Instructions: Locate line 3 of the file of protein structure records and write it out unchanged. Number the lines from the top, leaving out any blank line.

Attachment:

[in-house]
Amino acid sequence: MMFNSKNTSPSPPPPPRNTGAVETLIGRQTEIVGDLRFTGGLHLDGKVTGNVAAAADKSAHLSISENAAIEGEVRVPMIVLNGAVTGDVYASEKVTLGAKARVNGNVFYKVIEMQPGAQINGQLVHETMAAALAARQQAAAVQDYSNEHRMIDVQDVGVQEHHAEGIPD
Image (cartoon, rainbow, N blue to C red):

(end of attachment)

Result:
Image (cartoon, rainbow, N blue to C red):